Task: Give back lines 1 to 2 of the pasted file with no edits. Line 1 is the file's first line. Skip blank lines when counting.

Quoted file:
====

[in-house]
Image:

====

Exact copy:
[in-house]
Image: